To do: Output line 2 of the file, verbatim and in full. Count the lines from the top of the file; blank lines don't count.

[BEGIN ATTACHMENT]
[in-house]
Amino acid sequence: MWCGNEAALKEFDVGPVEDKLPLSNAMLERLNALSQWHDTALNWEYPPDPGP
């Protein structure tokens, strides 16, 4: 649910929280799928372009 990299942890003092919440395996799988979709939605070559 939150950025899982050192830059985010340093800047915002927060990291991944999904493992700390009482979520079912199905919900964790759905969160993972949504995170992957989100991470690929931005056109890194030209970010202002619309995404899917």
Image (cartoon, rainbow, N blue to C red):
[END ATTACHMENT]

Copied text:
Amino acid sequence: MWCGNEAALKEFDVGPVEDKLPLSNAMLERLNALSQWHDTALNWEYPPDPGP